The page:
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This article in AJ

  1. Vol. 96 No. 3, p. 710-716
    Received: May 13, 2003

    * Corresponding author(s): mlabreveux@desu.edu
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Productivity of Chicory and Plantain Cultivars under Grazing

  1. María Labreveux *a,
  2. Marvin H. Hallb and
  3. Matt A. Sandersonc
  1. a Agric. and Nat. Resour. Dep., Delaware State Univ., 1200 N. Dupont Hwy., Dover, DE 19901
    b Crop and Soil Sci. Dep., The Pennsylvania State Univ., University Park, PA 16802
    c USDA-ARS Pasture Syst. and Watershed Manage. Res. Unit, Bldg. 3702 Curtin Rd., University Park, PA 16802-3702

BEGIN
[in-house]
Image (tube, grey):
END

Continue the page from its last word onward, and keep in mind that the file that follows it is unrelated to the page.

The bimodal distribution of growth of cool-season grass species generates an imbalance in the amount of forage available during the summer, which could be improved by using alternative forage species. Several chicory (Cichorium intybus L.) and plantain (Plantago lanceolata L.) cultivars were evaluated for such purpose and contrasted against ‘Pennlate’ orchardgrass (Dactylis glomerata L.) under different grazing strategies in two experiments during 3 yr. In Exp. 1, ‘Grasslands Puna’ chicory and Pennlate orchardgrass achieved similar dry matter (DM) yields during spring (6500 vs. 7250 kg DM ha−1, respectively) and summer (3350 vs. 3900 kg DM ha−1, respectively). Between plantain cultivars, yields similar to Pennlate orchardgrass were achieved by ‘Grasslands Lancelot’ (7350 kg DM ha−1) in spring and by ‘Ceres Tonic’ (3150 kg DM ha−1) in summer. Grazing every 3 wk vs. 5 wk reduced DM yield in summer (1650 vs. 4450 kg DM ha−1, P < 0.001). In Exp. 2, spring DM yields of Puna chicory were greater than those of Pennlate orchardgrass (5750 vs. 3600 kg DM ha−1, average yield over years; P < 0.05). In summer, DM yield of Puna chicory relative to that of Pennlate orchardgrass varied between years. Yield of Lancelot plantain decreased during 2000 and 2001 following decreases in plant density. Our results suggest that most cultivars tested may not increase forage availability during the summer, which may be related to plant density losses. Of all cultivars, Puna chicory appeared as the most promising. Due to very low plant survival, the plantain cultivars tested may not be appropriate for perennial pastures in northeastern USA.

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